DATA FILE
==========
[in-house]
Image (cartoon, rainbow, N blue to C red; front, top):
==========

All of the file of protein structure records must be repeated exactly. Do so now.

[in-house]
Image (cartoon, rainbow, N blue to C red; front, top):